“A decade later Harry (Daniel Radcliffe) and his friends, Hermione (Emma Watson) and Ron (Rupert Grint), have become powerful adult wizards, while the actors are now stars. Look closely and you can see the beard inching along Harry’s, or rather Mr. Radcliffe’s pale chin. Meanwhile Ms. Watson, smoldering in bruising dark lipstick on the cover of the July Vogue, has her own hair and makeup artist, and the director, David Yates, even trains the camera on her generous peekaboo cleavage. Just as startling is the transformation of Mr. Grint who, in one early, anxious scene wears a goatee and a panicked look that together suggest a junior Paul Giamatti. My, how the children have grown — and the movies too.” — Manohla Dargis, The New York Times
“Splitting the final ‘Potter’ volume into two films was also to the advantage of Part 2, as was the fact that this film deals only with roughly the final third of the book. This enables it to avoid the tiresome teen angst that hampered Part 1 and devote almost all its time to action and confrontation, starting with the film’s initial image of the dread Voldemort (Ralph Fiennes) pointing the all-powerful Elder Wand to the sky and creating … the Warner Bros. logo. Once this bit of business is out of the way, the plot kicks in with a vengeance.” — Kenneth Turan, The Los Angeles Times
The Conclusion of the Series
“So many good films come to bad ends, but not the tales of Harry Potter. The final episode of Harry’s epic journey, part 2 of ‘The Deathly Hallows,’ is the best possible end for the series that began a decade ago. In contrast to part 1, which was a ponderous exercise in stage-setting and dramatic incipience, this film, directed by David Yates and adapted by Steve Kloves, is a climax worthy of the term. It’s a dark and thunderous pageant that sets its bespectacled hero in the midst of vast forces, yet never loses track of who he is — a brave boy, to borrow both parts of Dumbledore’s fond phrase, on the way to becoming a wonderful man.” — Joe Morgenstern, The Wall Street Journal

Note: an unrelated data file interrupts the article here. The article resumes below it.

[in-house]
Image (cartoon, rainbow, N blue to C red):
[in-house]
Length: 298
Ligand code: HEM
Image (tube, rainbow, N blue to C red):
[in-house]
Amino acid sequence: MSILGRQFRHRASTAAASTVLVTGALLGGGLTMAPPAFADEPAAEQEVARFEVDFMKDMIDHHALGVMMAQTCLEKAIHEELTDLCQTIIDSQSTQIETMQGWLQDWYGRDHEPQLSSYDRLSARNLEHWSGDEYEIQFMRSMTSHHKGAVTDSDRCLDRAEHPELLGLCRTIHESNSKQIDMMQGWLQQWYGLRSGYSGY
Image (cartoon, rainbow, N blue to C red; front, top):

The Farewell Factor
“Nothing quite like this series has ever been tried before in cinema history, and as I wrote last year, following the central trio of Radcliffe, Grint and Watson through the aging process has itself forced the movies to confront Rowling’s central themes, which I take to be ‘the painful transition from childhood to adulthood, the loss of parents and loved ones, the first intimations of personal mortality.’ For better or worse, Rowling’s books and the hit-and-miss movies based on them have reshaped not just the marketplace for fiction and film but the contemporary cultural imagination, re-establishing fantasy as the central narrative mode (arguably for the first time since the Middle Ages).” — Andrew O’Hehir, Salon.com
The Final Word
“This movie is impressively staged, the dialogue is given proper weight and not hurried through, there are surprises which, in hindsight, seem fair enough, and ‘Harry Potter’ now possesses an end that befits the most profitable series in movie history. These films will be around for a long time.” — Roger Ebert, The Chicago Sun-Times
You’ve heard it now! Reviews and opinions. If you want to see the movie, is all up to you!